There are three federal inquiries into financial services underway right now, and they’re all investigating life insurance. At the Life Insurance Claims Handling Breakfast in Sydney last week, Peter Kell, Deputy Chairman of the Australian Securities and Investments Commission (ASIC), mentioned that ASIC staff are referring to this as the “Festival of Life Insurance”, a remark which drew nervous laughter from the audience.
The life insurance industry is in the trenches, and everyone knows it. Despite ASIC’s recent investigation into life insurance finding no evidence of cross-industry misconduct in claims payments and procedures, poor public perception of the industry persists.
Reading the recent media reports on the topic, you’d be forgiven for thinking that the solution to the problem is simple: pay all genuine claims in a timely manner and everything will be fine. But it’s not that simple. The ASIC investigation found that over 90% of claims are already being paid in the first instance.
Life insurance should be more than simply writing a cheque to the right person at the right time
Life insurance should be more than simply writing a cheque to the right person at the right time. It should be a holistic service offering that gives peace of mind to customers when they’re healthy, and the support they need when they aren’t.
There is a societal need for life insurance, and customers recognise this – PwC’s recent Future of Life Insurance in Australia report states that 78% of Australians view life insurance as important. But despite over $8 billion in claims payments last financial year, customers clearly still feel they are not getting what they need.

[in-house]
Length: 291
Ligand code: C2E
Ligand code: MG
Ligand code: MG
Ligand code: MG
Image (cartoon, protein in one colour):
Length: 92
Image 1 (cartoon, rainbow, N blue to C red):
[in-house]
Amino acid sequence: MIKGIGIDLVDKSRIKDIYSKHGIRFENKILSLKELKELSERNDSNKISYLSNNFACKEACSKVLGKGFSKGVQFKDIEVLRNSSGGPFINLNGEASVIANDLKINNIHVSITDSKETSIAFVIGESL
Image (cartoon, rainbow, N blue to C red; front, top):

A few years ago, I met a Tibetan monk who was visiting Australia. He asked me what I did for a living, and I responded that I worked in life insurance. “What’s life insurance?” he asked. I explained the concept of people paying a small amount of money each year to an insurance company, which would pay a large sum of money to those who were unlucky enough to die or get so sick they couldn’t work.
The man gave me a quizzical look and replied that he would have no need for such an arrangement: where he lived, when someone died or got sick, the community came together and took care of them and their family. The sick and injured were nursed back to health and, if they didn’t fully recover, they would find alternative ways of contributing to their society. The bereaved would be supported both socially and financially by their friends, family and neighbours, and would return this support in kind when they were able.
In our increasingly dislocated and isolated modern society, sources of community support are harder to find
It would be easy to argue that our system – with agreed value payouts and statutory capital reserving – is more robust than simply relying on the kindness of our community. But that would ignore the fact that, when a tragic event causes loss of life or disability, money alone is insufficient. And in our increasingly dislocated and isolated modern society, sources of community support are harder to find.
We have already seen a greater focus from life insurers in recent years on rehabilitation, empathy and wellness during the claims management process, and general health and wellbeing offerings are becoming more common as well. AIA Vitality, for example, has been a stand-out initiative, and other insurers have partnered with third party health providers to offer unique benefits to insured members. But clearly there is more we still need to do across the entire product life-cycle.
Tomorrow’s Insurers will need to be in step with customers, not only at claim time but proactively during underwriting as well. Providing quality health and wellbeing education, tailored for those with medical conditions impacting underwriting terms, will also go a long way to building consumer confidence and trust.
Throughout the ages, festivals have brought communities together, strengthened their bonds and celebrated their shared purposes. I hope we can use this Festival of Life Insurance to come together as an industry and do a better job of supporting our customers socially and emotionally, as well as financially.